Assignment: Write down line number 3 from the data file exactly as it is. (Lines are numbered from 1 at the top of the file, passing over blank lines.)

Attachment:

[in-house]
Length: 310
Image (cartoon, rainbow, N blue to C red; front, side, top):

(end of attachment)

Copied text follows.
Image (cartoon, rainbow, N blue to C red; front, side, top):